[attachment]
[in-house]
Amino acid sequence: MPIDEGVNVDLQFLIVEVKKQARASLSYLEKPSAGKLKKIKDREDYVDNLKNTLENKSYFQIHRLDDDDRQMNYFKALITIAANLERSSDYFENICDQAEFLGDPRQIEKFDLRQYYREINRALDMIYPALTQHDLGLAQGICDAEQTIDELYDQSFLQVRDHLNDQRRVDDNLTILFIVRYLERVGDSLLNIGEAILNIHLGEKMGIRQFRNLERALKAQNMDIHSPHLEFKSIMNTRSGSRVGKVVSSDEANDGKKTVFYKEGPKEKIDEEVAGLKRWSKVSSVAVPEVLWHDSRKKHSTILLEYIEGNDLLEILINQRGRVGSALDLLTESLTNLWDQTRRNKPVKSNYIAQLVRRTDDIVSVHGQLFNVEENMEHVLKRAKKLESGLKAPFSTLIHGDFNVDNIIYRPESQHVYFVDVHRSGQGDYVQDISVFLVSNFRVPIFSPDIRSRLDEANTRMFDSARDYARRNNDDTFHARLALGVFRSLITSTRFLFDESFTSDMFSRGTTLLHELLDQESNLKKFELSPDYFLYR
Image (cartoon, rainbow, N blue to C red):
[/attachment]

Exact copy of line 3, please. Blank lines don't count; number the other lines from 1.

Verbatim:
Image (cartoon, rainbow, N blue to C red):